Painless Solution to Greek Crisis

The solutions to Greece’s financial dilemma are typically framed as a black-and-white choice between the country’s continued dependence on the euro or abandoning it in favor of the drachma.  Sadly neither choice seems to offer much encouragement.  Even their respective advocates accompany their analyses with any number of dire, and all too credible, predictions that following the other choice would lead to even worse consequences.  Austerity, economic decline, and eventual bankruptcy on the one hand, and contagious pandemonium on the other.  Hobson’s choice.

Given the reception such proposals have received thus far, there seems to be no harm in throwing another into the hopper.  Why not allow both the euro and the drachma to circulate as official currencies?  It is, after all, not such a radical notion; several countries today operate in that dual-currency mode either formally or informally.

The transition might come about in some such manner.  Let’s say Greece were to pledge as collateral a wad of fixed assets—a number of islands, say, a fleet of ships, their Ouzo distillery, the Parthenon, whatever—and, in exchange, the EU would allow the country to introduce enough drachma to meet all its obligations.  At the end of a fixed period of, say, twenty-five years, all drachma would be recalled at a one-to-one conversion rate.  With such a suddenly replenished treasury, Greece could comfortably meet its debt payments and begin to rebuild its economy introducing its critically needed reforms along the way.  Normal trade would resume and protests fade away.

Assuming that the euro would be treated as “good” money and the “drachma” as bad, the rule that “bad money drives out good” would likely take hold.  Euros would get squirreled away in bank accounts and drachma used in most internal transactions.  Especially at first, a lopsided open-market rate would likely prevail.  But several favorable changes would also result.  Greek goods would be more competitive on the world market, tourism would expand thanks to a strengthened euro, and interest rates fall.  Then, in time, as drachmas became more respectable and the settlement date approached, they would, I believe, be forced to rise in value.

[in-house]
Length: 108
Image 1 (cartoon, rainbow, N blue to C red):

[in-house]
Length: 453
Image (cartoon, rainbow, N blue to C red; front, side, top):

Bondholders left with drachma could convert them in the free market that, initially at least, would leave them with heavy exchange losses.  On the other hand, they might prefer to hold drachma until such time Greece got on its feet and its currency stabilized.

At the end of the prescribed period, therefore, Greece would hopefully be on its feet able to withdraw the drachma, take its pledged assets out of the pawn shop, and see the Parthenon returned to its original site to the relief of all concerned.  Works for me.


(Visited 41 times, 1 visits today)


2 Responses to “Painless Solution to Greek Crisis”
  1. Phil Zwart says:

    I enjoyed this article. Thanks.

  2. steve kurtin says:

    Throw in the Greek Gods… certainly they are still worth something.

Leave a Comment

seven − = two